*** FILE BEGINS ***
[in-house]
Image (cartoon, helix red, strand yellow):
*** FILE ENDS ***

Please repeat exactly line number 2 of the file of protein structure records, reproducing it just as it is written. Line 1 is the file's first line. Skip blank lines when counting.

Image (cartoon, helix red, strand yellow):